The six-party opposition

Dissatisfaction with the AKP/MHP regime is the opposition’s biggest asset. It insists that everything will be better when Erdogan and the AKP are no longer in power.

However, the bourgeois-nationalist opposition alliance keeps a low profile in terms of the content of its programme. How it wants to fight inflation and poverty, what policy it would pursue towards the oppressed nationalities and above all the Kurds, it leaves open, at best. A withdrawal from Syria, an abandonment of Turkey’s geopolitical ambitions are of course not to be expected under the CHP. What it promises is an end to Erdogan’s repressive policies towards the media and a more a friendly attitude towards NATO and the West.

In order to break the AKP and Erdogan’s majority, the CHP calls itself “social democratic” but has always been an openly bourgeois nationalist party. Its founder was none other than Kemal Ataturk. It has formed an alliance with five other bourgeois forces, including right-wing or extreme nationalist and Islamist opposition parties. In many ways this alliance of horrors mirrors the AKP-MHP alliance. The fact that it is accepted and seen by the population as an alternative, or at least a lesser evil, clearly shows that the electorate is far less captivated by Erdogan than it was in 2015/2016.

In order to get rid of him, many, including left-wing and progressive people, are pinning their hopes on the opposition . Given 20 years of the AKP regime, it is certainly understandable that many leftists, oppressed people, women and large parts of the LGBTIAQ community are eagerly hoping for the fall of a tyrant. And, of course, all class-struggle, indeed all democratic forces, also want to see him and the reactionary AKP fall. But a victory for the CHP-led opposition will not bring real freedom, peace or improvement in the lives of the oppressed and workers.

On the contrary, it would ultimately only seek to continue the capitalist, authoritarian regime under different auspices. The Kemalist CHP is contesting this election with an electoral alliance consisting of a group of six parties. This alliance is also called “Altılı Masa”, the Table of Six, by the media. In addition to the CHP, the Good Party (İYİ Parti) the Felicity Party (Saadet Partisi) the Democrat Party (Demokratik Parti, DP), the Future Party (Gelecek Partisi GP) and the Demokrasi ve Atılım Partisi (DEVA) are participating. Four of the six parties already ran as the “National Alliance” in 2018. The İYİ Party, a nationalist split from the MHP, has come to around 10% in the elections in recent years and is therefore seen as the second strongest force after the CHP at the Table of Six.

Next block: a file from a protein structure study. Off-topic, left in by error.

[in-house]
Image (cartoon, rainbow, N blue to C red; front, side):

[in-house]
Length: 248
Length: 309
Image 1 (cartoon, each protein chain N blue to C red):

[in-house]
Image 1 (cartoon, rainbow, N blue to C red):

The fact that the People’s Democratic Party (Halkların Demokratik Partisi, HDP) did not get a seat at the “table” is mainly due to the İYİ Parti, which is extremely chauvinistic and calls for the suppression of HDP and other Kurdish organisations as “terrorists”. The CHP and the other parties at the “table of six” submitted to this veto without much discussion.

The biggest conflicts in the unstable alliance were over the question of which candidate(s) would top the list and the distribution of future influence, should the elections be won. A possible CHP-led government will be marked by major internal contradictions, probably greater than the current government. If it wins, sooner or later the different interests of right-wing, ultra-conservative, nationalist, Islamic and liberal-reformist currents will break out.

No vote for the CHP and Kılıçdaroğlu!

Even though the CHP and the Table of Six may appear to many as a lesser evil, workers, leftists, oppressed minorities, the women’s and environmental movements should not trust them and should not give them their votes.

In reality, that would only strengthen a capitalist alternative to Erdogan, an alternative bourgeois-nationalist coalition that is ultimately closer to the AKP than to the workers and oppressed on all fundamental economic, geopolitical and even democratic issues. It, too, would represent an economic policy in the interest of Turkish capital. Like Erdogan before, they may promise some improvements for the poor but, in the end, it will be the masses who pay the cost of the crisis, which it wants to overcome with an austerity programme and privatisation, through price increases, cuts, attacks on labour and trade union rights.

The opposition rejects the repeal of anti-union laws. For the oppressed minorities, above all for the Kurdish people, there will be no self-determination under the CHP either, even the political prisoners will not be released. It will continue to intervene militarily against Rojava and the PKK. It will continue to crack down on refugees. It promises to deport the majority of all refugees in the next two years. The Turkish army will continue to wreak havoc in Syria. The regime, like Erdogan, will crack down on the refugees and pursue its geostrategic interests.

In view of the deep contradictions amongst the Table of Six, the economic crisis and the attacks on the working class that are necessary from the point of view of the ruling class, a President Kilicdaroglu will also resort to the Bonapartist powers that Erdogan has introduced. His rule will also have to rely on the existing state and military apparatus, which implies an agreement with the people placed at the head of the institutions by the AKP.